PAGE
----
Thursday, 2 August 2012

Field study - coming to a conclusion

Last week, Her Outdoors, who pays more attention to these things than me, said it was time to harvest the field of triticale we sowed at the end of last year.

From memory, this field was prepared by pigs' noses, horse with spike harrow, tractor with Canadienne, humans with buckets (for rocks - lots of rocks), tractor with plough, and tractor with spike harrow. It was then sown by hand, harrowed a couple of times and left for nature to do her job.

(There was actually quite a lot more to it than that.)

I've taken photos randomly since the planting which are labelled "cultivation" on the right for the true crop spotters among you. Here is how the field looked before we took our scythes to it:

Here's a close up of the heads:

And this is what the field looked like after a bit of sweaty work:

Obviously, there was quite a lot more to it than that. We decided to buy a second scythe, for example, to make the job go a bit more quickly. Then we bought a peening jig to get the blades really sharp, which needed a seat making for it:

And just before we started, Her Outdoors knocked up a couple of cradles (which didn't last long, but was worth a try):

After three mornings of scything, we're beginning to get the hang of it. Her Outdoors is now making stooks while I finish the cutting. And we have threshing, winnowing and storing to look forward to.

While shuffling up and down the field, I've been feeling a strong connection with the many generations who have gone before us. I wondered briefly about the sustainability ratio of this way of farming - how much energy we are putting in compared to how much energy we will get out. But then Her Outdoors reminded me that farming allowed the human population to explode way back when. So the balance will fall heavily on the side of success.

I'm grateful for a year when we had good rainfall at a good time (unlike last year). And hopeful that the seed will be good, will not spoil, will not be eaten by mice, and all the other unknown factors we have yet to encounter.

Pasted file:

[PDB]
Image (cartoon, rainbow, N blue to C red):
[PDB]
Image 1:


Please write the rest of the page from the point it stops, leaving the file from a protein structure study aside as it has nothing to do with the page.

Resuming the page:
I just want to share a perfect moment from this morning before I go. I'd been up and down the field, before sitting down to rest (and to drink quite a lot of water). I noticed that there was not a mechanical sound anywhere. Images of Van Goch's paintings filled my head. The wind picked up briefly and delivered a sublimely timed gust to my face, and I felt a oneness with humanity down the ages. To top the moment off, I heard the sound of two horses coming up the hill.

It really doesn't get any better than that.


Arch said...

Aluminim shaft on sythe ! oh ho !

Interesting dreams of times gone by maybe that type of graft is what gave some the idea why don't I build a wayside Inn brew some beer etc and open up !

the devolutionary said...

Arch aka Stephen aka Max & Fran etc. - imagine my disappointment when that was the only snath I could find a few years ago. Fortunately, our new scythe snath is made of wood - a cheap job but one I can use to base future models on. I've been using the aluminium one for a while, but switched to the wooden one yesterday morning. The handles are much better placed and it feels 'easier'.

This is not the only tool the French do differently. Their shovel lacks a cross piece which makes it quite hard to use, but is good for throwing at large piles of gravel.

As to the idea of running an Inn as an easier life... the hours are appalling.

Ben said...

Hey Alex, good work! However, what you two need to do is start planting perennials to feed yourselves and your animals. Then you wont have to go through all this energy intensive work every year, you can sit back and reap the rewards without having to reap the harvest...

William said...

Just testing !

Yes interesting that a lot of things that one would see hanging around in sheds have mostly gone, haven't come across a sythe for years now a wooden one that is

We have a very good farmers suppliers called Sam Turners up here that sell all manner of shafts etc maybe that's the place for for one ? Am going to have a look next time I am in !

I was sort of thinking of just drinking the beer !
If it gets any hotter over there maybe you will see a mirage of an English Pub !

Have a feeling what you may say to that but best not second guess you as your full of surprises !

the devolutionary said...

Hey Ben! Need references for this. We watched some permaculture stuff on the interwebs and it all seemed to be happening in more tropical climates. I know you're more tropical than us, but what can we do in this climate with a clay-heavy soil? (We are beginning to look at all south-facing areas as potential food-bearing sites, but I'm not sure we'll have fruit and veg coming out of our ears any time soon...)

Arch said...

Alex is spot on climate !

The only really sensible perennial for Alex is grass which he is already growing but he has to get his horse through the winter so it has to be cropped and stored !